Entertaining AF: David Foster and the All-Star Netflix Dance Party

Welcome back to Entertaining AF, our celebrity column from Hollywood reporter Emily Bicks. 

The cast of…every Netflix show arrives at the network’s FYSee event. Frederick M. Brown/Getty Images

The All-Star Netflix Dance Party

There are now so many original shows on Netflix, it’s easier to stretch out watching an entire season of a series instead of binge watching it all in one weekend. I’ll catch some Dear White People in between episodes of Black Mirror, and then maybe throw in an episode of Narcos. Sometimes, I have dreams in which the shows mesh together. There’s Marque Richardson as Reggie hanging out in the living room with Katherine Langford as Hannah from 13 Reason Why. She says, “This is your tape,” while the kids from Stranger Things ask me if I have syrup for the Eggos.

Why am I even telling you this? Because on Sunday (May 7), during Netflix’s FYSee kick-off party, these TV series crossover dreams became a reality. But instead of hanging out with these fictional characters during my REM cycle, they were all standing before me, kickin’ it on the dance floor while DJ Grandmaster Flash played everything from Michael Jackson to The Pretenders to Selena Gomez. I needed someone to pinch me.

So, just how did this magical moment come about? It happened because Netflix is taking their awards campaign to an unprecedented next level. It’s almost as if Netflix saw the way Amazon grabbed TV Academy voters’ attention back in April and said, “I see your bid, and I’ll raise you.” Amazon transformed the Hollywood Athletic Club into eight immersive show-themed experiences, and for a whole week, this FYC setup hosted live performances and panel discussions.

The Netflix FYSee house in Beverly Hills was constructed from scratch in an unused building in Beverly Hills, and entering inside was like walking into real life video game. There were rooms upon rooms set up with huge installations on display for which will hold court to present panels and screenings for an entire month.

With multiple bars set up, snack stations positioned around every corner offering all types of candy, chips, and popcorn, guests pointed to their favorite outfits inside the rotating closet from Unbreakable Kimmy Schmidt checked out the actual crown from The Crown, and admired a larger than life House of Cards construction that glowed in the dark.

Each themed display also had a staff member standing by to take pictures of guests with the interactive displays. The Luke Cage installment had a prop fridge for people to pick up as if he or she were a superhero, and the Narcos area featured a large wall absolutely covered from top to bottom with stacks of cash. With a glass of white wine in her hand, even Dear White People star Logan Browning stopped to take a photo by this rich display.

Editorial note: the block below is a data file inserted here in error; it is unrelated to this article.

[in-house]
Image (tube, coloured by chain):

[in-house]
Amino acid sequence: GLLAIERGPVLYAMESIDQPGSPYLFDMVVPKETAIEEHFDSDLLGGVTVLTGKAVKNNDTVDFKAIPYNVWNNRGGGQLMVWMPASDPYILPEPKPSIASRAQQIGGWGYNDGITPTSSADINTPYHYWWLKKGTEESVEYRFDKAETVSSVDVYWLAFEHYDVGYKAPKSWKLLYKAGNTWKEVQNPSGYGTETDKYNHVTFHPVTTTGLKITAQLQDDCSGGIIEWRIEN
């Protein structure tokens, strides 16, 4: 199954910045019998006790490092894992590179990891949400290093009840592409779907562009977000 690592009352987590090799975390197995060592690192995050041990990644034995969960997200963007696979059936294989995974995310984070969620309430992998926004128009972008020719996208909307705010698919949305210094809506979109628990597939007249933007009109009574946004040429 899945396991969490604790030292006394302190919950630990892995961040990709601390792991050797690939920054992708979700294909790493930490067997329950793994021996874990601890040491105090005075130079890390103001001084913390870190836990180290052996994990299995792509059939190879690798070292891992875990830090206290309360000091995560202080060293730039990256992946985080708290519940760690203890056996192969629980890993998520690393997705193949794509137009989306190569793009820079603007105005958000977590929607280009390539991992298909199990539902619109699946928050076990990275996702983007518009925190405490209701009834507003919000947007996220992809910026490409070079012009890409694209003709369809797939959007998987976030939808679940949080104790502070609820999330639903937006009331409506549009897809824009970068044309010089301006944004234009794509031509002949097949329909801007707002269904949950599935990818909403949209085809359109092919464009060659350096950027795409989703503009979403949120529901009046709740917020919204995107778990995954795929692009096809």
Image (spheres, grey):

The Stranger Things room was by far the biggest attraction, featuring a Hawkins van that appeared as if it were about to crash head on towards a cluster of kids’ bikes. Actor Paul Scheer hopped on one with his wife, Grace and Frankie star June Diane Raphael, to take a picture, as did 13 Reasons Why stars Katherine Langford, Dylan Minnette, Justin Prentice and Devin Druid.

Now, even if Netflix doesn’t sweep during awards season, there’s a lot for them to celebrate. One look around the room, and the network’s commitment to continuously featuring diverse casts is immediately apparent. No matter what a viewer’s age, race or sexual orientation, there’s a series on Netflix to which he or she can relate. On the red carpet, I heard a reporter ask Alan Yang if he could tape a quick shout to a friend who’s big fan of Masters of None, the Emmy Award-winning writer, graciously game. Soon after, the reporter’s friend responded with a video message of her own. This young Asian girl could barely speak because she was happy crying so hard. It’s moments like this that reinforce just how positively influential TV can be when it’s done right.

Even though many of the Netflix stars were at the MTV Movie Awards earlier in the evening, I was surprised to see that afterward, they all beelined over to the FYSee kick-off party. Stranger Things it-girl Millie Bobby Brown, adorable in a white dress and matching white cowboy boots, headed straight to the dance floor, causing a ring of spectators to form around her. Co-stars Noah Schnapp and Caleb McLaughlin cheered her on, as did One Day at Time’s Marcel Ruiz and Isabella Gomez. Even Danielle Brooks from Orange is the New Black jumped in their circle.

Because it was a Sunday night, I had expected this party to be quite tame. But the DJ made it impossible to leave the dance floor. Grandmaster Flash didn’t play one bad song during his entire set, and soon everybody was drenched in sweat from rocking out. No one left until the main lights finally came on. Pshhh. Sunday, Shmunday, amiright?